Fifty Shades of Change, or: How I Learned to Stop Worrying and Love the Edits

Words is words, which are words that are words, being wordy.

This is the process of writing, you see. Learning perfection is attained not in the first sentence, but rather what the first sentence can become after you’ve written a few thousand other sentences that politely inform what that stupid first sentence should have been in the first place, if only you had the smarts to let them tell you first.

Sentences can be so bitchy.

The Progenitor is this. As is everything else ever written. Certainly, everything ever written by the dope typing this post. Every chapter calls me backward. To adjust something. To tweak some language. To modify dialogue. Because, as I discover the truths ahead, I’m required to align them behind. In this light, I’ve spent some time recently combing through the first few chapters and making adjustments. If you’re reading along you might now be screaming something like But I’ve already READ all that! Yes, you have. I warned you. Edits happen. It’s a process. It’s part of the writing life. It’s the realization the burger needed cheddar AND provolone AND swiss after you’re halfway through. You can still do it. Come on, you know you want that taste. Cheddar just isn’t enough anymore, is it? No, that burger wants MORE and it wants it NOW.

Did I mention I’m a bit hungry?

Agatha’s story is twisting, evolving into the latter 2/3 of the book that I believe might be best classified as WUT. As in, you know, “What?” but different, because you’re all WUT.

Got it?

Good.

Time is tricky, as Agatha is learning. Time is screwed up when you screw with it. Time is a nightmare that may or may not be a pleasant dream when the Keepers find you.

Now almost 20,000 words in, I know I love this story. It’s insane. We’ve bonded and become good friends. We might be holding hands soon. It’s getting serious. Like, totally. I’ve also learned the story was, to no surprise, right about the beginning. Chapter One as it stands will go into the repository at some point, hopeful to be included in a potential opening of Book Two, or a story told along the way. Chapter Three, with its great opening of “The first time Agatha moved through time, she tried to save a cake,” will become the opening of the book. That line sells it. The flow it creates otherwise is ideal.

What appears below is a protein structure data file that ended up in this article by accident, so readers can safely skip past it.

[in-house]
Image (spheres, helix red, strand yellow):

So, here it is. The end of Chapter Ten is completely raw. I haven’t even looked at them a second pass yet. I’m still hoping to finish the first draft by the end of the year. It’s ambitious, but much like this story, I’m not entirely sane. It’ll happen.

Fire away. Input is welcome.

Progenitor Manuscript .pdf

Progress is all about progressing and stuff

That whole “Day Whatever” thing? Yeah, I think that can go away now. I mean, posting in a succession of days that mark every day I have worked on the novel makes great sense. Not that I often make sense. I usually make not sense, and with great precision. So, it’s canned. On a shelf to be forgotten forevermore. Like Apocalypse Tuna. But NEVER FEAR! I am still here. Still hereing and being here and being not not here in order to post what I have written on the The Progenitor.

That said, in the time I have managed not to waste watching football, cheering my fantasy baseball team to a long-awaited league winner winner chicken dinner championship (Yeah that’s right, I play fantasy sports. What of it? I’m a dude who likes sports, all right? Back off, lest I pummel you with my sportish knowledge and bore you to tears.), taunting the cat, humoring the dog, and putting back a healthy dose of the Fall’s first batch of chili, I have created more words! Words that pair with other words to form sentences and paragraphs! Paragraphs that talk about stuff and lead to other stuff. Two chapters worth, in fact! In fairness, they’ve seen a light edit, but I tend to read through what I last wrote in an effort to drop back into the flow of the story, which always results in some alteration along the way. I edit, therefore I am, or something.

With these two chapters, Agatha’s adventure has officially begun. A bit earlier than I had expected (I’m at 12,000 words, and I thought I’d make it closer to 20k before everything really took off), but it feels right. The story’s never wrong. When it says it’s time to fly, you jump. When it says have some meat and chill, you better not be a vegetarian.